On Tuesday’s CNN This Morning, the show used the recent expulsion (and eventual reinstatment) of two Democratic state legislators in Tennessee as an opportunity to promote the discredited liberal trope that Republicans were only able to solidly majorities in some states because of gerrymandering, which then allegedly leads them to enact extreme agendas against the will of voters who were unable to vote them out.
Democraict activist and author David Pepper was tapped by CNN to push this recurring liberal spin and to promote his book, Laboratories of Autocracy. Picking up on Republican opposition to gun control in Tennessee, and the expulsion of the two Democrats, Pepper repeatedly accused GOP legislators of being “extreme,” and tied in “gerrymandering” over and over again.
The segment began with a clip of State Representative Justin Jones gloating about being reappointed to the state house after his expulsion. Co-host Poppy Harlow recalled: “Our next guest says it’s emblematic what’s happening in a lot of state houses across the country.” Harlow gushed that “I loved your book,” and then tied in the actions of Tennessee Republicans:
…but I think what’s happened in Tennessee shines a light on what you write — the reason you wrote this book is, “Wake up America — you’re not paying enough attention to what’s happening in states — you’re talking too much and focusing on D.C.”
Pepper — who used to be chair of the Ohio Democratic Party — went right to blaming gerrymandering for Republican power in Tennessee:
…the frontline of the attack on democracy in this country are the state houses like Tennessee’s, like Ohio’s, like Florida’s — for a lot of reasons. No one is paying attention — most people have no idea who these state reps are. They’re gerrymandered to a hilt so there’s almost no choice or democracy in these places.
Again painting Republicans as extreme, he later added (Click “expand”):
Once you see that there’s no accountability at all at the general election level, every incentive these lawmakers face is to be an extremist. You would have done worse as a Republican in a gerrymandered district last week to vote with Democrats not to expunge lawmakers. That’s actually a risk for you to lose your office, but you get ahead by being an extremist.
So, in these states that are locked up through gerrymandering and voter suppression and uncontested races, what you see is all the incentives align for the worst behavior, which is why we see this downward spiral towards extremism, against democracy, and pushing forward bills that are deeply unpopular.
What went unmeantioned was the 2020 presidential election results when Donald Trump defeated Joe Biden in the state by a whopping 61 to 37 percent. Trump also won 92 of the 95 counties in Tennessee. The three counties that Biden did win — Davidson, Shelby, and Haywood — contain only 24 percent of the state’s population, so it’s not shocking that Democrats only hold about one in four seats in the state house.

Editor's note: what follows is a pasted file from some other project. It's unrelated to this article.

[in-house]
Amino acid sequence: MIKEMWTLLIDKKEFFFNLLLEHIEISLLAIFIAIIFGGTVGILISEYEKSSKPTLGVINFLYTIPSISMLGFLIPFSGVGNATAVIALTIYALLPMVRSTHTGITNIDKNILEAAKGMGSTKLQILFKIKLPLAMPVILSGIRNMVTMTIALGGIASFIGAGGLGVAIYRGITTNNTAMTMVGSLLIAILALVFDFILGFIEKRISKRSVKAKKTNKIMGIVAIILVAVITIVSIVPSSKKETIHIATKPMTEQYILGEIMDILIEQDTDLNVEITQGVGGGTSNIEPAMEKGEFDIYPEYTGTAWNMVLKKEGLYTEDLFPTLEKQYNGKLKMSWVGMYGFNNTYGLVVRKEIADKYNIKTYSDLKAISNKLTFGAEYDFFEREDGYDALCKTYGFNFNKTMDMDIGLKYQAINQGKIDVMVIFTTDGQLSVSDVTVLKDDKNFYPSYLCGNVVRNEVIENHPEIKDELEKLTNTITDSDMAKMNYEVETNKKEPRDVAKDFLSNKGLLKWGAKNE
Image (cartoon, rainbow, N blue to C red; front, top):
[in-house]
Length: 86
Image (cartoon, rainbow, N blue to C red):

Notably, before he joined CNN, Harry Enten wrote up an analysis for FiveThirtyEight in which he admitted that geography, substantially more than gerrymandering, with the “self-sorting” of voters into heavily Democrat cities and heavily Republican counties, leads many congressional districts to naturally be either heavily Republican or heavily Democrat.
In fact, Democrat members of Congress tend to get elected in the heavily partisan districts compared to Republicans. In the 2012 elections, for example, there were 89 congressional districts where Democrat Barack Obama won by at least a 2-1 margin, but only 42 districts where Republican Mitt Romney did so.
Pepper went on to assert that Republicans were also able to get away with doing “really bad things” in legislatures in part because there was less media attention at the local level.
This CNN This Morning segment promoting Democrat spin was sponsored in part by ServPro. Their contact information is linked.
CNN This Morning
April 11, 2023
6:44 a.m. Eastern
STATE REP. JUSTIN JONES (D-TN): Today we’re sending a resounding message that democracy will not be killed in the comfort of silence.
POPPY HARLOW: (audio gap) … was reinstated. Tennessee State Rep Justin Jones addressing supporters outside the state capitol in Nashville. Jones and fellow Democratic lawmaker Justin Pearson were removed from their seats last week in the state legislature by the Republican majority for participating in a gun protest in the house chamber accused of breaking decorum.
Let’s step back. How did we get here in the first place? Our next guest says it’s emblematic what’s happening in a lot of state houses across the country. Joining us now, David Pepper, the author of Laboratories of Autocracy: A Wakeup Call from Behind the Lines, also a former chairman of the Ohio Democratic Party. David, it’s good to be with you. I think — you know, I loved your book for — I don’t know, it’s been out for a year and a half, two years — but I think what’s happened in Tennessee shines a light on what you write — the reason you wrote this book is, “Wake up America — you’re not paying enough attention to what’s happening in states — you’re talking too much and focusing on D.C.” What do you make of Tennessee, big picture?